No surprise really - the previously reported Wembley gig being staged in memory of the late Princess Diana has just sold out in 20 minutes. So, let the eBay bidding begin.


Talking of sell outs, tickets for McFly's previously reported 24 date Up Close & Personal Tour sold out in a matter of minutes on Saturday after slightly obsessive fans spent the night queuing up outside ticket agencies around the country (somewhat foolishly, given they could have queued up inside next to their PCs and booked online, though that's not quite so exciting). Fans who missed out will have to make do with the chance of winning tickets for a charity gig in aid of the Teenage Cancer Trust taking place in London next Tuesday, 19 Dec. Apparently you can win tickets at


Former Gorkys Zygotic Mynci frontman Euros Childs will play four dates around Wales next March to promote the release of his second solo album. Dates as follows, tickets on sale today, press info from Plug Two.

1 Mar: Central Station, Wrexham
2 Mar: The Bay, Aberystwyth
3 Mar: The Railway Club, Bangor
5 Mar: The Point, Cardiff


Hurrah, The Bluetones are going on tour ahead of the release of their new single 'Surrendered', out on 19 Feb, taken from their current eponymous album. Dates as follows, press info from Cooking Vinyl.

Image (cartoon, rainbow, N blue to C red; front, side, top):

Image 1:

30 Jan: Edinburgh, Cabaret Voltaire
31 Jan: Aberdeen, The Tunnels
1 Feb: Glasgow, Abc 2
2 Feb: Sheffield, The Plug
4 Feb: Colchester, Arts Centre
5 Feb: Southend, Chinnerys
7 Feb: Southampton, The Brook
8 Feb: Cardiff, Barfly
15 Feb: Liverpool, Barfly
16 Feb: Wrexham, Central Station
17 Feb: Bury, Met Theatre
18 Feb: Preston, 53 Degrees
20 Feb: Northampton, Soundhaus
22 Feb: Penzance, The Acorn
23 Feb: Exeter, The Phoenix
24 Feb: Norwich, Arts Centre
27 Feb: Birmingham, Barfly


Ocean Colour Scene's seven date Christmas Tour kicks off tomorrow, and the plan is to use the gigs to showcase some of the band's new material. Here's what frontman Simon Fowler says: "The Christmas Tour is going to offer us the opportunity to showcase our new album. We've been locked up in the studio working on this for the past year and it's going to be great to finally get out there so the fans can get to hear the new material and see our brand new show. We're all incredibly pleased with the album and it's incredibly important that we showcase our new tunes to our fans first before the album is released"

The dates are as follows:

14 Dec: Dublin Olympia
Sat 16 Dec: London Astoria
Sun 17 Dec: Birmingham Academy
Mon 18 Dec: Newcastle City Hall
Wed 20 Dec: Glasgow Barrowland
Thu 21 Dec: Glasgow Barrowland
Fri 22 Dec: Manchester Apollo


Which idiot was it that said the PlayMusic magazine's Christmas party was last Friday at the 333 Club in London, when it's this Friday coming? Oh, it was me. Yep, the mag's festive bash is this Friday, from 10pm to 3am, and bands set to play include Dustins Bar Mitvah, Shotgun Suzzy, Ebony Bones, Morton Valence and Magnetic. Info from [email protected]